The shift to cloud computing has revolutionized the way businesses operate, enabling them to leverage the benefits of on-demand computing power, storage, and software services. Cloud computing has brought about numerous benefits such as improved scalability, flexibility, and reduced operational costs. However, without rethinking your security and controls, these benefits can come with an increased risk of cyber attacks, data breaches, and other security threats. This is where cloud native security is increasingly becoming a core feature of a business’s digital security strategy.
Cloud native security is an approach to securing cloud applications and services that are designed specifically for the cloud environment. It involves a set of practices, tools, and technologies that help protect cloud native applications and data from threats and vulnerabilities. In this article, we’ll explore the key principles of cloud native security and the best practices for securing your cloud environment.
Understanding Cloud Native Security
What is Cloud Native Security?
Cloud native security is a set of practices and tools designed to protect cloud native applications and data from threats and vulnerabilities. It’s the latest evolution of cloud computing security and involves securing applications that are designed to run on cloud infrastructure, by using microservices architecture and containerization, among other things. Cloud native security is automated and continuous so it can be as agile as cloud DevSecOps. It provides a holistic, and essential, approach to securing your cloud environment, starting from the application development stage through to deployment and operations.
Key Principles of Cloud Native Security
The following are the key principles of cloud native security:
- DevSecOps: Cloud native security is an integral part of the DevSecOps approach, which involves integrating security into the entire software development lifecycle right from the start.
- Microservices Architecture: Cloud native security is designed to work with microservices architecture, which allows for the creation of smaller, more modular components that can be easily secured and managed.
- Immutable Infrastructure: Cloud native security utilizes immutable infrastructure, which means that any changes to the infrastructure are made by replacing the entire environment with a new one, rather than updating or patching individual components.
- Zero Trust Security: Cloud native security follows the zero trust security model, which means that no user or system is trusted by default, and access is only granted on a need-to-know basis.
- Automation: Cloud native security relies on continuous automation to keep up with agile and dynamic cloud environments. It utilizes automation to enforce security policies and respond to security events quickly, further removing the element of human error and static manual processes.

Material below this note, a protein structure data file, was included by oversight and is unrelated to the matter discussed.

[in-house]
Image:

Cloud Native Security Challenges
Threats and Vulnerabilities in Cloud Environments
By nature, cloud environments are flexible and versatile. But this puts them at great risk for a wide range of security threats and vulnerabilities, including:
- Misconfiguration: Misconfigured cloud services can leave your environment vulnerable to attacks, data leaks, and other security incidents.
- Unintentional Threats: Dev teams and innovators inside a business generate exposed or shadow data as part of their daily workload. This unintentionally increases the attack surface inside an organization, generating more risk and more threats to a business.
- Data Breaches: Cloud environments are a prime target for cybercriminals seeking to steal sensitive data, such as personally identifiable information (PII) or financial data.
- Distributed Denial of Service (DDoS) Attacks. While not limited to cloud environments, DDoS attacks can disrupt the availability and performance of cloud native applications by overwhelming targeted systems with traffic or exploiting vulnerabilities in cloud native infrastructure.
Common Cloud Native Security Challenges
In addition to the threats and vulnerabilities mentioned above, there are several other common challenges that organizations face when implementing cloud native security:
- Complexity: Cloud environments can be complex and difficult to secure due to the dynamic nature of cloud infrastructure and the use of distributed architectures.
- Visibility: Cloud environments can lack visibility, making it challenging to monitor and detect security threats and vulnerabilities.
- Compliance: Cloud environments are subject to various compliance regulations and standards, such as GDPR and HIPAA, which can add complexity to cloud native security.
- Shared Responsibility: Cloud providers and customers share responsibility for securing the cloud environment, which can lead to confusion and gaps in security.
Best Practices for Cloud Native Security
To address these challenges, organizations need to adopt a comprehensive approach to cloud native security that includes the following best practices.
Secure Configuration Management
All cloud services inside an organization should be configured in a secure and compliant manner from the start. Secure configuration is an ongoing and iterative process whereby the various components of cloud computing are maintained and secured against threats, using a number of critical measures. Among other strategies, secure configuration may include but is not limited to configuring firewalls, setting up access controls, and implementing encryption. Additionally, organizations should regularly review and update their configurations to ensure that they remain secure and compliant on an ongoing basis.